Twiztid at the Fillmore lacked a certain demented spirt of mayhem

Twiztid • Potluck • Kung Fu Vampire
03.26.10 | Fillmore Auditorium

Walking to The Fillmore and being accosted with, "Yo, Juggalo, can I use your phone for a minute?" should have been the first sign that the normal world was somewhere else. Opening act, Kung Fu Vampire had already performed, but Potluck took the stage and laid on us one rap after another about the virtues of marijuana and the adventures surrounding its procurement and enjoyment: "I smoke more than Afroman and more than Cheech and Chong."

Elsewhere, the wonders of hot boxing were extolled, alongside jabs to the sub-intellect, and former president George W. Bush. At one point, 1 Ton and UnderRated let DJ Wicked show off, mixing in bits of Public Enemy and his admittedly impressive scratching skills. Good will flowed freely between the band and to the audience. Potluck was a little silly, but at least the unit put some real passion behind the delivery. They closed with "Shut the Fuck Up" about the town gossip who "ain't 'bout nothing but startin' shit."

Anyone who has seen ICP, knows "The Family" can get kind of rowdy, but there wasn't much of that for the Twiztid show. None of the colorfully hilarious chants. However, the enthusiastic "Whoop whoop!" shouts when Twiztid finally came out on stage sounded like gibbons during mating season or football hooliganism for the tweaker set. Maybe it was an off night, but Twiztid's performance lacked a certain demented spirit of mayhem that you'd expect from one of the act's shows.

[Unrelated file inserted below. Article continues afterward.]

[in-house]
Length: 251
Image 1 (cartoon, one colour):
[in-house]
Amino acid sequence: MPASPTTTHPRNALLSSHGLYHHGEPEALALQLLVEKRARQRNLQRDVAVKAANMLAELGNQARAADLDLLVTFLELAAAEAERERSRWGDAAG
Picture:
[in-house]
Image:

Marijuana Deals Near You

Opening with "Serial Killa," Jamie and Monoxide went through the motions well enough, but even "Diemuthafuckadie" didn't have the zeal that normally makes the song fun for people who aren't necessarily fans of this band. The whole thing seemed more Too Short and less NWA -- able lyrics without the conviction to back them up. This is, after all, a group that named its most recent album W.I.C.K.E.D. for "Wish I Could Kill Every Day."

Nonetheless, the audience sure knew the between lyrics chants and filled in the silence with an impressive level of timing. It was like being at a sporting event without the athleticism and a lot more sartorial creativity. Twiztid wasn't completely up to snuff, but the fans seemed to have a great time with this music that lets them feel powerful and part of something, even if for only a few hours.

CRITIC'S NOTEBOOK Personal Bias: This whole Juggalo thing and Psychopathic Records is both repulsive and anthropologically fascinating. Random Detail: No Faygo at the sho'. By the Way: It's hard to hate something harmless that makes other people feel good.

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